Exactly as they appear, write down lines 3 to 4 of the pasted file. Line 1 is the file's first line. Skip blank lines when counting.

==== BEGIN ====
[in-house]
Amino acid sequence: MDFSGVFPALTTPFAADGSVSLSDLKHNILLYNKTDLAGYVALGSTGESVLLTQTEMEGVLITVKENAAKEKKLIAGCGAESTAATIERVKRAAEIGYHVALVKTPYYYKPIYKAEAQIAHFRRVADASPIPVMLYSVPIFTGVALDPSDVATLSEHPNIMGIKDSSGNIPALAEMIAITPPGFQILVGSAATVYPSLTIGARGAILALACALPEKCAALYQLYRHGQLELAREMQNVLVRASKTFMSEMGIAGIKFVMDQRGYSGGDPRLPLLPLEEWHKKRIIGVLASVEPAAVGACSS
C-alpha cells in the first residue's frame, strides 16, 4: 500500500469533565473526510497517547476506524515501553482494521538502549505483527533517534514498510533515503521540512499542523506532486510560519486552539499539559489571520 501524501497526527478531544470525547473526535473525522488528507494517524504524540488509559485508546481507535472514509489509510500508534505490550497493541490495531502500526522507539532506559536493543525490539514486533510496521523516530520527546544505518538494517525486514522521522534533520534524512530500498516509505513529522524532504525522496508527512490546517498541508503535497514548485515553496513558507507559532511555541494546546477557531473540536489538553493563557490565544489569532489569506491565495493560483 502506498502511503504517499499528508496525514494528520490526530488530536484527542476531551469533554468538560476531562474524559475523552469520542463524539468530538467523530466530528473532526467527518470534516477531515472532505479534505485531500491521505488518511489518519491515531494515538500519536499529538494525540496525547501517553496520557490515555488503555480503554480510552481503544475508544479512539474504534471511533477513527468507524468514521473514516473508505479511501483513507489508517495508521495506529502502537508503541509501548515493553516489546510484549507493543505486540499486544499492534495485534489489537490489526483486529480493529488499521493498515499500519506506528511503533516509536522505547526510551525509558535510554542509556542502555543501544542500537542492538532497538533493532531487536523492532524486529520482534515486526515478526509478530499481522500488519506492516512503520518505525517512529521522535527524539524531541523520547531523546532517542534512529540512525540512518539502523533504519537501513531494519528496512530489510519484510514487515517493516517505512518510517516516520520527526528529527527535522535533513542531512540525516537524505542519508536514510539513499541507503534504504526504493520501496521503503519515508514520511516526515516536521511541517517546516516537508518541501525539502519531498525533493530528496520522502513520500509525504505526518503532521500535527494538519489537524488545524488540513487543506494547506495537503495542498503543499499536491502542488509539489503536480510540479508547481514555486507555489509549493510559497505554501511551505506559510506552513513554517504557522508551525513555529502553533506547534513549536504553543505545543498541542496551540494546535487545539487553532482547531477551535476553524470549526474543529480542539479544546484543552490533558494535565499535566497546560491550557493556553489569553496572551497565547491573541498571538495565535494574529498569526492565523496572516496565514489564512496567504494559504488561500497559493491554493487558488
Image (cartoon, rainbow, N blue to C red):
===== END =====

C-alpha cells in the first residue's frame, strides 16, 4: 500500500469533565473526510497517547476506524515501553482494521538502549505483527533517534514498510533515503521540512499542523506532486510560519486552539499539559489571520 501524501497526527478531544470525547473526535473525522488528507494517524504524540488509559485508546481507535472514509489509510500508534505490550497493541490495531502500526522507539532506559536493543525490539514486533510496521523516530520527546544505518538494517525486514522521522534533520534524512530500498516509505513529522524532504525522496508527512490546517498541508503535497514548485515553496513558507507559532511555541494546546477557531473540536489538553493563557490565544489569532489569506491565495493560483 502506498502511503504517499499528508496525514494528520490526530488530536484527542476531551469533554468538560476531562474524559475523552469520542463524539468530538467523530466530528473532526467527518470534516477531515472532505479534505485531500491521505488518511489518519491515531494515538500519536499529538494525540496525547501517553496520557490515555488503555480503554480510552481503544475508544479512539474504534471511533477513527468507524468514521473514516473508505479511501483513507489508517495508521495506529502502537508503541509501548515493553516489546510484549507493543505486540499486544499492534495485534489489537490489526483486529480493529488499521493498515499500519506506528511503533516509536522505547526510551525509558535510554542509556542502555543501544542500537542492538532497538533493532531487536523492532524486529520482534515486526515478526509478530499481522500488519506492516512503520518505525517512529521522535527524539524531541523520547531523546532517542534512529540512525540512518539502523533504519537501513531494519528496512530489510519484510514487515517493516517505512518510517516516520520527526528529527527535522535533513542531512540525516537524505542519508536514510539513499541507503534504504526504493520501496521503503519515508514520511516526515516536521511541517517546516516537508518541501525539502519531498525533493530528496520522502513520500509525504505526518503532521500535527494538519489537524488545524488540513487543506494547506495537503495542498503543499499536491502542488509539489503536480510540479508547481514555486507555489509549493510559497505554501511551505506559510506552513513554517504557522508551525513555529502553533506547534513549536504553543505545543498541542496551540494546535487545539487553532482547531477551535476553524470549526474543529480542539479544546484543552490533558494535565499535566497546560491550557493556553489569553496572551497565547491573541498571538495565535494574529498569526492565523496572516496565514489564512496567504494559504488561500497559493491554493487558488
Image (cartoon, rainbow, N blue to C red):